3 financial stressors affecting every generation. Millennials, Baby Boomers and Gen Xers all have something in common — they’re stressed about their emergency savings, retirement and housing.
Every generation, from Millennials to Baby Boomers to Gen X, has varying financial pain points. However, they all have a few stressors in common — concerns over emergency savings, retirement costs and housing. When asked what financial wellness meant to them in a survey by PwC, the top answer across all generations was not being stressed about their finances.
For Millennial and Gen X employees, not having enough emergency savings for unexpected expenses topped their list of financial concerns. For Baby Boomers, emergency savings came in just behind not being able to retire when they want to as far as their most pressing financial challenge. All generations have reason to be concerned, as a recent survey by Bankrate found three in 10 U.S. adults have no emergency savings and couldn’t cover three months’ worth of living expenses.
Additionally, only 18 percent of Americans say they could live off of their savings for at least six months. Experts think part of the reason for the widespread lack of savings is that incomes haven’t kept pace with rising household expenses.
A recent study by AARP found that at least two in five survey respondents from each generation were not confident that they will have enough money to live comfortably throughout retirement. Nearly half of people across the three generations said they hadn’t put away any money for retirement at all. This is particularly troubling, because the longer people wait to save for retirement, the longer they’ll have to work to sustain their preferred lifestyles. More than 80 percent of today’s employees expect they’ll need to work in retirement to sustain themselves financially, according to research by PwC.
More than 75 percent of AARP’s respondents also agreed that Social Security and Medicare are important to their personal retirement. An overwhelming majority of Baby Boomers (95 percent) said it’s very or somewhat important that Social Security is there for them in retirement. With the future of these programs uncertain, it’s worrisome that so many Americans are aiming to rely on these them in retirement.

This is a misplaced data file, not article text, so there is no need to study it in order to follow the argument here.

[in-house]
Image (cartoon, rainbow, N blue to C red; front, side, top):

Although buying a house is a quintessential part of the American Dream, there are many barriers in place that prevent people from making the purchase. For Millennials and Gen Zers, the biggest obstacle to buying a house is the high cost of the down payment on a home, according to research by Freedom Debt Relief. That’s the second-biggest concern for Baby Boomers, who are most stressed about the cost of the monthly payment on a house.
Many people are also unable to afford a home because of debt that they already have. Credit card debt makes up a majority of debt that people across generations have, with 46 percent of Americans reporting they have credit card debt. This makes it one of the bigger burdens for people trying to save up more to buy a house.
All this financial stress is damaging the quality of the workplace, as employees are spending an average of 3-5 hours per week at work worrying about their personal finances. Financial wellness programs like Best Money Moves can help. Best Money Moves is mobile, gamified and easy-to-use. It provides practical, unbiased help so employees can make smarter financial decisions and manage the debt they have.
More on Financial Stress and Financial Wellness Programs
If you want to learn more about how Best Money Moves can bring financial wellness to your company visit us at Success Connect in Las Vegas this September 15th-19th. Join Best Money Moves founder and CEO Ilyce Glink’s session “Transform the Employee Experience by Reducing Financial Stress and Improving Financial Well-Being” on Wednesday, September 18th at 1:00 p.m.
Then, you can find us in booth #2550 at HR Tech this October 1st-4th and listen to Ilyce Glink’s speech “Employee Financial Stressors by Generation and How to Help at Every Stage” on Thursday, October 3rd from 1:10-2:00 p.m. in the Expo Room.